PORTAGE, Mich. — Three semi-trucks loaded with the nation’s first doses of a COVID-19 vaccine rolled out of the parking lot of the Pfizer manufacturing plant early Sunday morning, met with cheering crowds of local residents who said they were proud of their hometown’s contribution to science, and helping to bring the end to the coronavirus pandemic.
The caravan of FedEx, UPS and Boyle Transportation trucks — led and tailed by unmarked police cars — pulled out of the parking lot about 8:25 a.m., headed to airports and distribution centers on a historic journey.
Millions of doses of the company’s coronavirus vaccine were inside those trucks, and could be injected into the arms of the American people as early as Monday morning.
“It’s history, and it’s hope,” said Joyce Hutcheson, 76, of Portage. She teared up as the trucks pulled out of the loading dock because the pandemic has been long and hard, and she misses seeing her great grandchildren.
“When the hospitals started filling up, my granddaughter and my grandson said, ‘We don’t want anything to happen to you. We want you to dance at Lizzie’s wedding.’ “
That meant she could no longer see her Lizzie or Lizzie’s brother. But a hint of a smile spread across Hutcheson’s face when she added, “Lizzie is 6. She better get married at 12 because I’m old.”
Susan Deur, 62, of Plainwell stood outside the plant for hours in 35-degree temperatures Sunday morning to watch the trucks leave. She said she’ll get the vaccine when it’s her turn.
“It is pretty exciting,” she said. “I’m pretty proud of our Pfizer here in Kalamazoo.”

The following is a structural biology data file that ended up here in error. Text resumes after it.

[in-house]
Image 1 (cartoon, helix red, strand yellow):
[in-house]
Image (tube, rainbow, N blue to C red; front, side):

Pfizer’s COVID-19 vaccine, which is about 95% effective, is the first to leap all federal regulatory hurdles except one, the blessing of Robert Redfield, the director of the U.S. Centers for Disease Control and Prevention.
If he signs off, Pfizer has said it will deliver 6.4 million doses around the country in this initial shipment. Michigan’s share of that first delivery is 84,825 doses.
The shipment early Sunday morning from its plant in Portage involved 1.95 million doses of the vaccine. Each vial of the vaccine includes five doses, the company said. And 975 vials fit in each of its insulated boxes. A total of 400 boxes were loaded onto those trucks.
Because Pfizer’s vaccine must be frozen at the ultra-cold temperature of minus-94 degrees Fahrenheit or lower for storage, shipping doses to hospitals and public health agencies is a challenge.
The vaccines can be kept safely at 36-46 degrees Fahrenheit for up to 24 hours or at room temperature for no more than two hours after it thaws, the company says.
That means hospitals and public health agencies around the state have been buying ultra-cold deep freezers to store the Pfizer vaccine, and the company had to come up with creative ways to ship it.
Pfizer created temperature-controlled thermal shippers that use dry ice to maintain ultra-cold temperatures for up to 10 days unopened. Some of the boxes will be sent by air to hubs around the U.S., the company says, and then delivered to the sites where they’ll be administered. Others will be delivered by ground transport.
The company said it is taking precautions to ensure that the vaccines stay cold enough during shi
A FedEx and a UPS trucks back into the loading dock Sunday at Pfizer Global Supply in Portage, Mich.